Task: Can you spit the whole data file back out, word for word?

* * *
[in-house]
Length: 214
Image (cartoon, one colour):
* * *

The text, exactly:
[in-house]
Length: 214
Image (cartoon, one colour):